At some point, every website owner will eventually contemplate whether or not they need to upgrade, overhaul, update, rebuild, or makeover their existing site, otherwise known as a website redesign.

While a website redesign can be a fun and exciting project, it can also include a number of variables that range greatly in scope depending on your needs. Before you run out and start designing the next iteration of your website, below are some tips to help you think through some of the key considerations that will help make your redesign project a success.

Redesign or Rebuild?

One of the first important decisions you'll need to make is to define the scope of your redesign project. Many people use the terms "redesign" and "rebuild" interchangeably for web projects, but they each have different meanings and hold significant differences for your project requirements. One of the first things you'll want to do is assess whether you need a redesign or a complete rebuild.

  • Redesign - If you are relatively happy with your site's content management capabilities and features, and if your current setup will likely meet your needs for the foreseeable future, then you are a good candidate for a redesign. You have a good foundation to build on, so your back-end setup will remain largely the same, and you will focus on front-end updates, which could range from minor tweaks to a full scale design overhaul.  In addition to your aesthetics, you may want to refine your site's content structure, page layout, and/or add new features that can be accommodated within your site's existing platform.
  • Rebuild - In some cases, you may need more than a pretty face to bring your website up to speed. If your website does not allow you to efficiently manage site content, or if it is incompatible with certain features or functionality that you require, now is a good time to consider a complete rebuild along with your redesign efforts. In short, you will want to update both the front-end and the back-end of your website.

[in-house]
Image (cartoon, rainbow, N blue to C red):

What are Your Goals?

It seems simple, but this often-overlooked question is a key component for the initial planning and discovery process for a website redesign. Many organizations simply decide that the look and feel of their website had become "stale" after a few years, and decide they want to "freshen" things up because it seems like that's what everyone else is doing. But for optimal results, you'll want to drill down a few levels deeper to make sure you're going to get meaningful results and maximum value on your investment in a redesign project. After all, you're probably not going to do this very often, so you want to get it right.

When considering the goals for your website redesign, it can be helpful to start with high-level guiding questions such as:

  • What are the particular problems or issues that we are trying to solve with this project?
  • How have our needs changed since the last time we updated the website?
  • What are the specific outcomes that we want to achieve with this redesign, and how can we measure them?

Let the answers to these questions help guide your project goals and requirements.

Look Through Varied Lenses

For optimal results, a redesign project should be viewed from different angles in order to make sure that you taking a well-rounded approach that will produce results and meet both your immediate and long-term needs:

User Experience
Are you relatively happy with your existing site structure and page layout, or do you want to change the way that people navigate the site and/or interact with different page elements? Knowing how you want your redesign to impact user experience is really the foundation of your redesign. Sitemaps and wireframes are effective tools to help you define any structural changes that impact user experience, and help to inform the new design.

Are there specific things you would like your site to do that it doesn't currently do? If so, you will want to identify all of your functional requirements so that they can be factored into the project scope, and also reflected in your new design concepts wherever applicable.

Conversion Goals
Most website owners have specific actions they want users to take on their website, whether it's to make an inquiry, or a purchase, a donation, or a download - typically you want your visitors to take one or more measurable actions, and those are called conversion goals. How well is your website currently performing for conversions, and how can the new website design take this into account? A strategic design can help drive visitors to your desired conversion goals in a way that will have real-world results for your bottom line.

Brand Identity
Your website is a formal representation of your organization's brand. Are you happy with your brand identity - have you been contemplating a change to your logo or collateral materials? If so, you will want to address these issues BEFORE starting your web project. It is not uncommon for organizations to pursue a website redesign to address brand identity issues, and while there is indeed overlap, these are two separate things. Ideally, you want to make sure your brand identity is well-established beforehand so that it can inform your website design, as well as other marketing materials that you may produce for consistency across all your organization's media.

Content and Messaging